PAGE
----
When the Cubs are scouting players, they check not only the statistics but do research on his make up and character. East Carolina's Ryan Williams passed all the tests.
The Cubs picked Williams in the 10th round of the First-Year Player Draft on Friday. He's the other East Carolina pitcher -- highly touted Jeff Hoffman was taken ninth overall by the Blue Jays. But Williams was a standout for the Pirates as well.
This year, Williams received Louisville Slugger Third-Team All-America honors and was named a semifinalist for the 2014 Gregg Olson Award, presented to college baseball's breakout player of the year.
The right-hander led the Pirates in six pitching categories and became the 10th in school history to claim the pitching triple crown (wins, ERA and strikeouts). He finished 11-3 with seven saves in 32 appearances, and he had a win or a save in 18 of the Pirates' 33 wins.
A native of Morgan Hill, Calif., Williams struck out 76 and walked 11, ranking 10th nationally in the strikeout-to-walk ratio. He posted a 1.81 ERA, giving up 20 earned runs over 99 2/3 innings.
But what sets him apart is that he was the 11th recipient of the honorary No. 23 jersey worn by the late ECU coach Keith LeClair. LeClair was an inspirational leader for his battle against amyotrophic lateral sclerosis, also known as Lou Gehrig's disease. The illness forced him to step down in 2002, and his No. 23 is awarded each season to the player who displays LeClair's spirit.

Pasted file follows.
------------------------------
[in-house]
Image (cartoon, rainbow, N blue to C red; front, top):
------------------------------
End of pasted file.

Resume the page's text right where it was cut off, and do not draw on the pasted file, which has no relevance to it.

"Ryan is very passionate about East Carolina," ECU coach Billy Godwin said in an interview before the season began. "He has a champion's heart with a great work ethic, whose selfless approach is contagious. He embodies all the characteristics associated with wearing the No. 23 jersey, and will wear it with great pride and help carry on its legacy within the ECU community."
Williams comes from a strong athletic background. His father, Arthur, was a quarterback at St. Cloud State and spent 15 years as a professional golfer.
The Draft concludes on Saturday, with exclusive coverage of Rounds 11-40 beginning on MLB.com at noon CT.
Carrie Muskat is a reporter for MLB.com. She writes a blog, Muskat Ramblings, and you can follow her on Twitter @CarrieMuskat. This story was not subject to the approval of Major League Baseball or its clubs.